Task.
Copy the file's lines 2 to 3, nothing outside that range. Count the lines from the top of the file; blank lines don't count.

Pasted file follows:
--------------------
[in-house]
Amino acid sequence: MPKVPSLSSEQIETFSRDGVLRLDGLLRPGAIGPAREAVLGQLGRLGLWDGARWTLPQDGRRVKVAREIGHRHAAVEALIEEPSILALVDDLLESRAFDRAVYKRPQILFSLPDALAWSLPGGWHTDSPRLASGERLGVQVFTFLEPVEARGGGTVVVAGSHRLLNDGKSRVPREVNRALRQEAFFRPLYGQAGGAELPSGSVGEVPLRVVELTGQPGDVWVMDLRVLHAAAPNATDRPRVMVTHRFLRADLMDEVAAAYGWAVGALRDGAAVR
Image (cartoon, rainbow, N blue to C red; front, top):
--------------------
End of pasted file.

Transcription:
Amino acid sequence: MPKVPSLSSEQIETFSRDGVLRLDGLLRPGAIGPAREAVLGQLGRLGLWDGARWTLPQDGRRVKVAREIGHRHAAVEALIEEPSILALVDDLLESRAFDRAVYKRPQILFSLPDALAWSLPGGWHTDSPRLASGERLGVQVFTFLEPVEARGGGTVVVAGSHRLLNDGKSRVPREVNRALRQEAFFRPLYGQAGGAELPSGSVGEVPLRVVELTGQPGDVWVMDLRVLHAAAPNATDRPRVMVTHRFLRADLMDEVAAAYGWAVGALRDGAAVR
Image (cartoon, rainbow, N blue to C red; front, top):